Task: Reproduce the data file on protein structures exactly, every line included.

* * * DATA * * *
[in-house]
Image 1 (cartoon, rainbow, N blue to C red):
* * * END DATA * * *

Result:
[in-house]
Image 1 (cartoon, rainbow, N blue to C red):